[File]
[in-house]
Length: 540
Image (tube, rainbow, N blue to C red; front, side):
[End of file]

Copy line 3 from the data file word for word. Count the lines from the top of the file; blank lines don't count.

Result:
Image (tube, rainbow, N blue to C red; front, side):